Sea Horses (1926)

It’s ironic that for the purposes of the What a Character Blogathon we are heading back into villainy as Powell’s previous outing White Mice was his actual first starring role, and I will come back to that picture at a later date.

Lorenzo Salvia, as portrayed by Powell, is a drunken Italian who abandons his wife, (Florence Vidor) and makes off for the island of Panda.

Inevitably Salvia’s dissipated lifestyle leads to his destruction before his wife can save him.

However despite all this drama Photoplay Magazine describes the pace of this lost picture as ‘snail-like’.

It is worth mentioning that around the time of filming Powell had been signed to a long term contract at Paramount – at this stage in his career Powell’s ability to play effective villains and secondary roles had enabled him to achieve some consolidation, even if this meant treading water in movies like Sea Horses which were little more than programmers. Despite such dull fare 1926 was to prove to be an exciting year for William Powell, with some exciting roles to come!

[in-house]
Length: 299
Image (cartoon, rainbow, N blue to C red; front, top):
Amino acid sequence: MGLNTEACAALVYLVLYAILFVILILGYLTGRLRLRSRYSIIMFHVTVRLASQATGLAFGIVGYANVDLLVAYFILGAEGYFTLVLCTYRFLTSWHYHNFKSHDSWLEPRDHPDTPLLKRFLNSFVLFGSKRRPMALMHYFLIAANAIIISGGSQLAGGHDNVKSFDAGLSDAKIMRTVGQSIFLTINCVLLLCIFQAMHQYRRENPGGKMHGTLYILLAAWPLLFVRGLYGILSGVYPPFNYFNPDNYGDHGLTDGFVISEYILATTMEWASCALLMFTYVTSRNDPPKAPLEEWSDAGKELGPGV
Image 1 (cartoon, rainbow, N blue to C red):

This piece forms part of the What a Character! Blogathon hosted by Once Upon a Screen, Outspoken & Freckled and Paula’s Cinema Club. Enjoy!

References:

William Powell: The Life and Pictures – Roger Bryant

Photoplay Magazine, May 1926, p.52

Faint Perfume (1925)

There doesn’t appear to be much to say about today’s lost picture. Clearly a filler, this melodrama didn’t exactly create any buzz or excitement. Therefore, I am going to leave today’s post in the capable hands of the Photoplay Magazine reviewer:

“A good strong dose of the smelling salts will be needed to revive you after this. Taken from the popular novel by Zona Gale this hasn’t a thing to offer. Everything in the picture compares with the perfume. It’s faint entertainment. William Powell, who was so very grand in ‘Romola’ is the only person in the cast worth mentioning, and even he – oh, well, what’s the use.”

Which is why Photoplay Magazine still stands the test of time for sharp, contemporary writing even after 90 years!

References/Recommended Reading:

Photoplay Magazine, September 1925, p.104